In Medical Ethics and the Faith Factor, Robert Orr provides the overall rationale for ethical decision-making as well as for certain discrete medical issues: failure of the cardiac, pulmonary, renal, and neurologic systems; pregnancy; reproductive disorders; failure to eat, drink, or both; organ transplantation; and cognitive diminution. He also discusses ethical issues in the neonatal and pediatric age groups, as well as in certain cultural or religious beliefs.
For each of these diagnostic subsets, he illustrates the ethical point(s) he is trying to make by use of case studies, with 5 to 14 cases for each condition. The case studies are illustrative in describing the myriad issues that accompany the medical problem. As such, this book is an outstanding resource for teaching medical ethics to students, residents, fellows, nurses, and allied health professionals, because the cases can encourage much discussion and many questions. It can likewise be an exceedingly helpful resource in the training of clergy, especially in the context of clinical pastoral education. Although the subtitle gives the reader the impression that the book is targeted first to clergy and then to health care professionals, in my reading of the text, I think that the opposite is the case.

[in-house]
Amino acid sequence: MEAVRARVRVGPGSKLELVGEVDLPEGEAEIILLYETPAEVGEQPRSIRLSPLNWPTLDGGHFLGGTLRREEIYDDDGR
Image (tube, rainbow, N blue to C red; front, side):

Fosarelli P. Medical Ethics and the Faith Factor: A Handbook for Clergy and Health-Care Professionals. JAMA. 2010;303(14):1431. doi:10.1001/jama.2010.420